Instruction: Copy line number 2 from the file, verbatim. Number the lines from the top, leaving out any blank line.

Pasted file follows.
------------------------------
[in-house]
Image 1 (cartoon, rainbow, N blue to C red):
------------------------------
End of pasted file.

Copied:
Image 1 (cartoon, rainbow, N blue to C red):